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dc.contributor.authorBorchers, Paten_US
dc.date.accessioned2014-06-09T18:29:58Z
dc.date.available2014-06-09T18:29:58Z
dc.date.issued2011-04-09en_US
dc.identifier.otherLectionary number: 249en_US
dc.identifier.urihttp://hdl.handle.net/10504/52319
dc.description.abstractSome years I felt like I "failed" Lent. I used to treat it like a required course that I didn't really want to take but needed to graduate. Rather than really participating in it, I would - in a metaphorical sense - sit in the back of the class, not say much, turn in as much homework as I needed to get by and wait for it to end. This, I can assure you, is not the way to approach Lent. Those years I would have been better off just ignoring it than going through the motions. Like the Pharisees in today's Gospel, I was trying to adhere to the letter of the law without so much as giving a thought to its spirit.||I have tried to sort through my memories as to why I used to think of Lent this way. I suppose part of it was that as a child I associated it only with "giving up" things and the anticipation of the fun of hunting for Easter eggs when that joyous day rolled around.|What finally snapped me out of it was a conversation with a Jesuit friend of mine here at Creighton who pointed out to me that Lent is actually a word for "Spring." As I pondered that fact, it finally occurred to me that I had been doing Lent all wrong. Of course abstaining from something is a good thing, but only if it really helps our spirits "spring" into Easter. The long slow rise of my spirit from Ash Wednesday to Easter is part of my re-growth process each year. Like the new green shoots appearing on plants in early spring, Lent is a sort of process of pruning and re-growth. What I really need to give up are the things that push me away from God. So even if we get a late start on Lent, there's still a chance to turn in our late "homework" (as I used to think of it) and begin again. It's never too early, and it's never too late.en_US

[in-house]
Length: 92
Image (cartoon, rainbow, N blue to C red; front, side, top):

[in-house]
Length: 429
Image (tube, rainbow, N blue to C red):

dc.language.isoen_USen_US
dc.publisherUniversity Ministry, Creighton University.en_US
dc.relation.urihttps://dspace.creighton.edu/xmlui/handle/10504/64937
dc.rightsThese reflections may not be sold or used commercially without permission. Personal or parish use is permitted.en_US
dc.titleReflection for Saturday, April 9, 2011: 4th week in Lent.en_US
dc.typeEssay
dc.rights.holderUniversity Ministry, Creighton University.en_US
dc.publisher.locationOmaha, Nebraska, United Statesen_US
dc.date.day9en_US
dc.date.year2011en_US
dc.date.monthAprilen_US
dc.program.unitVP for Academic Affairsen_US
dc.program.unitSchool of Lawen_US
dc.program.unitWerner Instituteen_US
dc.url.link1http://onlineministries.creighton.edu/CollaborativeMinistry/daily.htmlen_US
dc.contributor.cuauthorBorchers, Patrick J.en_US
dc.date.daynameSaturdayen_US
dc.date.seasonLenten_US
dc.date.weekWeek: 4en_US
dc.relation.nexthttps://dspace.creighton.edu/xmlui/handle/10504/52332
dc.relation.previoushttps://dspace.creighton.edu/xmlui/handle/10504/52304
dc.subject.local1Jeremiah 11:18-20en_US
dc.subject.local2Psalms 7:2-3, 9bc-10, 11-12en_US
dc.subject.local4John 7:40-53en_US
dc.title.seriesDaily Reflections (Meditations) on the Scriptures from the Roman Catholic Lectionary.en_US
dc.date.cycleYear Ien_US


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  • Daily Reflections Archive
    Reflections written by Creighton University faculty, staff, and administrators on the daily mass readings.

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